Death Penalty: CHAPMAN V. COM. (SC 8/23/2007)

CHAPMAN V. COM.
CRIMINAL:  DEATH PENALTY REQUESTED BY DEFENDANT
2005-SC-000070-MR.pdf
PUBLISHED: AFFIRMING
MINTON W/LAMBERT CONCURRING BY SEP. OPINION (NOBLE JOINS)
COUNTY: BOONE
DATE RENDERED: 08/23/2007

SYNOPSIS: A defendant may lawfully enter into a plea agreement to forgo a jury trial and sentencing and volunteer for the death penalty.

SC affirmed Chapman’s death sentence and answered several questions concerning the death penalty in Kentucky. SC held a defendant may enter into a plea agreement to forgo a jury trial and sentencing and volunteer for the death penalty.

In affirming, the SC addressed the following issues:

1) The death penalty is unconstitutional ; 2) Lethal injection and electrocution violate the Eighth Amendment to the United States Constitution’s prohibition against the imposition of cruel and unusual punishments; 3) This Court’s method of conducting a proportionality review of death sentences is unconstitutional; 4) Chapman’s death sentence is arbitrary and disproportionate; 5) Residual doubt bars Chapman from receiving the death penalty; 6) Chapman’s due process rights were violated when the aggravators that made him death-eligible were not set forth in the indictment; 7) The trial court erred by requiring the same attorneys Chapman had already fired to serve as standby counsel since those attorneys disagreed with his stated goal of seeking the death penalty; 8) The trial court erred by refusing to consider certain mitigating evidence (i.e., a psychologist’s report detailing Chapman’s history of mental health-related issues, including a history of physical and substance abuse) tendered by his standby counsel; 9) The Commonwealth’s Attorney acted improperly by negotiating a plea agreement with Chapman himself during the time period when Chapman was still represented by counsel; 10) The trial court should have used a more stringent competency standard in light of Chapman’s history of abuse and of mental health-related issues; 11) This Court should not permit Chapman to commit "suicide by court"; and 12) Chapman’s convictions and sentence should be reversed under the cumulative error doctrine.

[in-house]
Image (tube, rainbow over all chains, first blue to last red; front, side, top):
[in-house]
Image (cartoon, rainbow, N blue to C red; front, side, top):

Digested by Scott C. Byrd
www.olginandbyrd.com

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